Note: Today at the Shepherds' Conference I'll be teaching a seminar analyzing the current evangelical infatuation with building ecumenical bridges to Rome. Here's part of what I'll be saying:
Have you noticed that no one defines evangelicalism in theological terms anymore? When a person says he is an "evangelical" nowadays, more often than not he is describing an experience, or a particular style of ministry, or an interest in the pragmatics of evangelism, or something like that. The word evangelical has been stripped of virtually all doctrinal content.
In fact, over the past decade, mainstream evangelicals have been assaulted with a number of trends and movements whose aim seems to be to make evangelicals let go of all their doctrinal distinctives.
- There is the pragmatism of the church growth movement, which encourages pastors to downplay doctrine (because doctrine is "too academic") and focus only on the practical aspects of the Christian faith. In the worst cases, some preachers deliver material on relationships and success that is devoid of any authentically Christian message.
- There is the anti-intellectualism that dominates large segments of the charismatic movement, which also downplays doctrine and suggests that experience is more important.
- There is the neo-ecumenism of groups like Promise Keepers, encouraging men to seek unity by ignoring doctrine and doctrinal differences.
- There is the intense pressure to lay aside our doctrinal distinctives in order to forge a political coalition with all who share our views on the great moral issues of the day.
- There are various campaigns to redefine the doctrine of justification in Protestant circles. This is a common theme among many who are enthralled with "The New Perspective on Paul," the sacramental presbyterianism represented by the Auburn Avenue Theology, so-called "reformed Catholicism," and other crypto-Romanist movements.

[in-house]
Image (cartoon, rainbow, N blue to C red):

- And now there is an infatuation with postmodern ways of thinking, which is flourishing in the Emerging Church movement, denying that propositions really matter and thus (in effect) rendering all doctrine moot in one violent act of epistemological suicide.
All of those things have worked to the detriment of sound doctrine among evangelicals. Now we have reached the point where evangelicalism, a movement historically defined in doctrinal terms, has ironically become a movement where doctrine is now often portrayed as something evil, divisive, and unbrotherly.
Mention the importance of sound doctrine in the typical gathering of mainstream evangelicals these days, and you are certain to be labeled contentious, quarrelsome, divisiveor worse.
The obvious casualty in all of this is the gospel.
Both Roman Catholics and Protestants have insisted for five centuries that their disagreement is a dispute about the gospel. If that is an accurate assessment of the debate (I think it is; and I certainly see no good reason to question 500 years of Catholic-evangelical agreement on that point) then we cannot possibly set aside our differences and enter into communion and fellowship with one another without also setting aside the gospel.